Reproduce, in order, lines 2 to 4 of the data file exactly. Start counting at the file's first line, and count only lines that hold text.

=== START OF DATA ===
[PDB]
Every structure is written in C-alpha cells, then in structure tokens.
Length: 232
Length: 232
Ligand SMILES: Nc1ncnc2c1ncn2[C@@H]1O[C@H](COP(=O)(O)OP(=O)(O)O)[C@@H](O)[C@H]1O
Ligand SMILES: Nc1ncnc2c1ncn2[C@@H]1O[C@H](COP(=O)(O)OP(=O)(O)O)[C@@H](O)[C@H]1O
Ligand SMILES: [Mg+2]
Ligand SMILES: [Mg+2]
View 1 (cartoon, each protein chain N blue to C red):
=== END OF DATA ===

Every structure is written in C-alpha cells, then in structure tokens.
Length: 232
Length: 232